3.2. Cell-Free System: Effects of Naringenin and Quercetin on HOCl Production by MPO/H2O2/Cl

We also evaluated the effects of naringenin and quercetin in a cell-free system that contained MPO/H2O2/Cl. In this experimental model, HOCl is directly produced by the enzymatic system. Both quercetin and naringenin significantly and dose-dependently decreased HOCl production compared with the control group (Figure 2). Naringenin was less effective than quercetin in inhibiting HOCl formation, but this difference was not significant. A decrease in HOCl production by more than 60% was observed with the higher concentration of quercetin (50 μM), whereas the decrease induced by naringenin was approximately 50% at the same concentration. One sample with 5-fluortryptamine (FTR), an MPO inhibitor [22], was assayed to compare the potential of the flavonoids as inhibitors of the chlorinating activity of MPO. The flavonoids were less effective than FTR.

795916.fig.002
Figure 2: Effects of naringenin and quercetin on myeloperoxidase (MPO)-HOCl production. A 96-well culture plate that contained MPO (65 nM), taurine (5 mM), and H2O2 (50 μM) was incubated in the presence or absence of naringenin and quercetin (25 and 50 μM). The TMB solution (50 μL) was then added to the samples, and HOCl production was quantified. The positive control (i.e., without the tested substances) was used to calculate the inhibitory effect. The data are expressed as the mean ± SEM of three experiments. , , and , compared with control group.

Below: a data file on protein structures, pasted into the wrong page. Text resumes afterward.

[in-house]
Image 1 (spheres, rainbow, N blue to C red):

3.3. Effects of Naringenin and Quercetin on HOCl Production by Neutrophils

To better understand the effects of naringenin and quercetin on HOCl formation, we assessed the effects of these compounds in a third system, PMA-activated neutrophils. As expected, both compounds inhibited HOCl production compared with the control (Figure 3). Quercetin exerted a strong inhibitory effect at both concentrations tested, causing approximately 100% decreases in HOCl production. However, naringenin exerted a significant effect only at 50 μM, inhibiting HOCl production by approximately 60%.

795916.fig.003
Figure 3: Effects of naringenin and quercetin on HOCl production by activated neutrophils. Neutrophils ( ) were preincubated in the presence or absence of naringenin and quercetin (25 and 50 μM) with 5 mM taurine. All of the samples were then incubated with PMA (6.65  g/mL). The TMB solution (50 μL) was then added to the samples, and HOCl production was quantified. The data are expressed as the mean ± SEM of three experiments. , compared with control group.